Friday, December 26, 2008

All Creation Was Waiting (Galatians 4.3-7)

Christmas Eve – December 24, 2008
Sermon by: Robert Austell
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**Sermon audio is also accessible as a free podcast in iTunes - search for "Good Shepherd Sermons or Robert Austell"**
It’s hard to wait. It’s hard to wait for anything. Especially when we can get just about anything anytime, it’s hard to wait. But here at Christmas, we still do it. We don’t have to; we could tear into our presents any old time. But we know the joy of waiting until just the right time… until Christmas morning, gathered around the tree. There’s not a more magical time than when a child’s eyes crack open in the dim light of just-dawn and the adrenaline surges through their body. It’s Christmas morning… the waiting is over… it’s time!

God’s people had been waiting a long, long time for God’s gift. It was first spoken of amidst the curse there as the first parents were being expelled from the Garden. It was promised to Noah in the wake of horrible judgment and consequence. It was promised to Abraham and all his descendants, later renewed with David and others. God would one day give a gift to restore those consigned to death through disobedience. God would one day make things right and make a way home.

But for many years, there was only Law. God had spoken and His Word was Law. It described what was right, what freedom and obedience could look like. But for broken, disobedient, imperfect – in fact, perfectly imperfect people – the Law only sealed our fate. It only served to remind us that we were slaves to self and chained by our hard hearts to death and separation from God. No one could keep it; no one was pure.

And so we waited. One day God would do what we could not, for He had promised, and what other hope was there? The Law was good for that, for driving us to hope, the promise of freedom inscribed on the chains that enslaved us.

What we needed was for God to act – to send help, to rescue us and purchase our freedom. That’s the gift and the promised help. None of us could fulfill the requirement of God’s Law; only God Himself could do that. So God wrapped Himself in human flesh – no, more than that, He came among us as one of us, to be and do what we could not be and do. He took our place under the weight and judgment of His own rules, His own Law, and set us free in exchange. It was a wonderful and awful exchange – God’s own Son in exchange for each of us.

It was even more than freedom, though. God’s great gift was freedom + belonging. It was release from the dungeon and an invitation, not to the streets, but to a home. The scripture calls it adoption. We have some inkling what that means, though the spiritual reality leaves us speechless. No longer prisoners, God invites us to be sons and daughters. It is an extraordinary change of scenery. Our most extreme story of human adoption could barely describe the reality. From a prison camp in the remotest part of the world, we are brought fully round to a warm, loving living room, with family on every side.

Is it no wonder that we don’t know the language and resist the new way of life? It is so alien to whence we came. Yet God not only sends a redeemer, but also His Spirit, to give us the words to call Him “Father.”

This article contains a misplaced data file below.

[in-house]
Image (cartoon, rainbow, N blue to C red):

Of course we are called “heirs.” How else would one with so little describe this new life with so much? Our chains have been exchanged for a gift worth more than pure gold. It’s hard to even wrap our minds around!

Here’s the Good News – the birth that we celebrate at Christmas means that the spiritual wait is over forever. In the most significant sense, every day is Christmas day for our relationship with God. Generations waited on God to act and when the time was just right, in God’s perfect timing, Jesus the Son of God was born.

The fullness of time has come, and IS. God has acted and this greatest of all gifts has been given to the world. That is why we sing, “Joy to the world, the Lord IS come.” God’s gift has ongoing and eternal implications for the world and for you.

If you know the weight of bondage – to self, addiction, disobedience, or any other enslaving thing – the Lord is come.

If you feel the aloneness of the orphan, the lonely, the outcast, or the hopeless, the Lord is come.

If you have heard God’s story, want to believe, but lack the language, the conviction, the identity, and the reality of what He promises, the Lord is come.

On this night in which we re-create the longing and we wait for morning to come, let us find the deepest peace and hope in the Good News of God’s coming. All creation was waiting for this – Jesus, God’s great gift. Amen.


All Creation Was Waiting*
By Robert Austell, Christmas Eve – 2008

Time drawn out,
Such a difficult wait
No sign of first light
Time drawn out

Eyes flutter again
Sky lights with first dawn
Strength surges within
Eyes flutter again

In the fullness of time
God sent forth His Son
The greatest of all God’s gifts
All creation was waiting for this

So long in those chains
Heard right but chose wrong
Hurt, broken, in pain
So long in those chains

In the fullness of time
God sent forth His Son
The greatest of all God’s gifts
All creation was waiting for this

Fatherless and forsaken I wandered the earth

From prison, called home
Not just to the streets
From slave to full-born
Child to the King

In the fullness of time
God sent forth His Son
The greatest of all God’s gifts
All creation was waiting for this



*The sermon-song I almost completed in time, but didn’t. [Sorry, no music yet.]

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